As it is decided that Toshiba memory will be sold off to the Korea-US-Japan Alliance, which includes SK Hynix, Western Digital (WD) is losing ground in the NAND flash market. WD received most of its semiconductor (NAND flash) products from its Yokkaichi factory in Japan jointly invested with Toshiba. However, Toshiba Memory will fall into the hands of Korea-US-Japan Alliance, raising a red flag for WD in stably securing parts.
In the NAND market, Samsung's market share was 35.6 percent higher than that of Toshiba (second with 17.5 percent) and WD (third with 17.5 percent) combined, according to DRAMeXchange. SK Hynix took fifth place (9.9%) after fourth-ranked Micron (12.9%). The share of the SK and Toshiba alliance will rise to 27.4% when the acquisition is completed. The takeover will also narrow the alliance’s gap with Samsung to 8.2 percentage points, solidifying its second place. WD which trailed Toshiba closely fell to third place.
A bigger problem torturing WD is how to stably secure component supply and demand. WD specializes in storage devices such as hard disk drives (HDDs) and solid state drives (SSDs).
NAND flashes are the most important part for these products. WD jointly invested with Toshiba in the Yokkaichi plant to secure a stable NAND supply. This is the same as the way Apple and Dell invested in the Korea-US-Japan Alliance for a stable supply of parts. WD is said to be receiving most of its semiconductors from the Yokkaichi plant.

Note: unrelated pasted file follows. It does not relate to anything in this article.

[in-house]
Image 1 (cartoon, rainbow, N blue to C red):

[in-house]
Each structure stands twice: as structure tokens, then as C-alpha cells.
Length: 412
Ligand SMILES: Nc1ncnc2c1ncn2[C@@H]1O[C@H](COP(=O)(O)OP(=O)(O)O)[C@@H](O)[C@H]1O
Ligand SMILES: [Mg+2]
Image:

"WD will not be able to use a card to shut down the plant or discontinue production at the plant now that WD is receiving parts from the Yokkaichi factory," an industry official said. The WD is also having a legal battle over its stake in its Yokkaichi factory, which is its the last bastion but it is said that even this card will hardly work for WD as the Korea-US-Japan Alliance made a proposal to compensate Toshiba for its loss.
Toshiba decided to invest in new line facilities at Yokkaichi factory last month on its own. WD has shown its willingness to escape interference. If the new major shareholder of the Korea-US-Japan alliance comes to power, WD will look for a new parts supplier in the future, industry experts say.
"The Korea-US-Japan Alliance will gradually reduce WD’s power of influence by scaling up its investment in Toshiba," said an analyst at a Korean securities firm. “However, since there still is a possibility of attracting WD to the Korea-US-Japan Alliance, we have to wait and see until the final completion of the takeover."